Michael Blades is Research Director for Frost & Sullivan’s Aerospace, Defense, and Security business unit. Frost & Sullivan is a business consulting firm involved in market research and analysis, growth strategy consulting and corporate training across multiple industries. Michael has been with Frost & Sullivan for nearly 8 years as a market analyst and growth consultant and has earned a Masters Degree in Aerospace Operations as well as an MBA. In this episode of the Drone Radio Show, Michael talks about the growth and trends shaping the counter UAS industry today.
- For now, in the U.S., the emphasis is being able to detect drones. Effective counter measures will require changes to several rules and regulations.
- With the proliferation of C-UAS products coming to market, adversaries will develop tactics for defeating them. There will be a need to adapt to new and changing SUAS threats.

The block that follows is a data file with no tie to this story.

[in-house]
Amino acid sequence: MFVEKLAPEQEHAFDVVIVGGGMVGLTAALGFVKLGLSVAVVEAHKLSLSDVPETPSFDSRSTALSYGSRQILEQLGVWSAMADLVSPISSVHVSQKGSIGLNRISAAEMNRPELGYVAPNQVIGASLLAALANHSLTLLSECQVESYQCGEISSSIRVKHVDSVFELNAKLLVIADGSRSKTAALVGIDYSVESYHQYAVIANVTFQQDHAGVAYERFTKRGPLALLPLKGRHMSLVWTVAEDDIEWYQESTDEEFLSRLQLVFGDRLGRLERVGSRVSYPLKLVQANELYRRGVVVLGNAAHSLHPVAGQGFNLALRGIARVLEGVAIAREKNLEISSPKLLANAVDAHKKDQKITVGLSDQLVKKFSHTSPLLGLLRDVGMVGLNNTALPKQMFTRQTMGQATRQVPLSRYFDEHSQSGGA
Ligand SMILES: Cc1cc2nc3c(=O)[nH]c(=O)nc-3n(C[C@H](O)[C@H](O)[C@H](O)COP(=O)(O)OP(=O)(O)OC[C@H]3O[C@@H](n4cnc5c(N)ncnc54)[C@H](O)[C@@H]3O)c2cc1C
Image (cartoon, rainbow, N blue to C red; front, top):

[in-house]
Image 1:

- Is it time to stop doing challenges to find a technology and start evaluating the effectiveness of the more than 200 systems currently being developed?
- Comparatively, the U.S. C-UAS market could grow to several billion dollars; whereas, the commercial UAS market is could be in the 10s of billions.
- There seems to be a growing interest in wearables – counter UAS systems that can be worn by troops, easy to carry, automatically deployed and won’t interfere with other mission requirements.
- Portable hand-held drone guns are becoming less popular in military situations. Who really wants to carry around a drone gun, when you need a real gun to protect yourself?
- A company may have a great system, but if they can’t get it out in front of decision makers, they’re never going to know about it.
- Even if you have the best UAS sensor technology, you still want to integrate with other sensors to detect a broader range of threats.
- There’s no system that’s going to detect everything so finding the best system for countering as many threats as possible will be paramount.
- Frost & Sullivan (ww2.frost.com)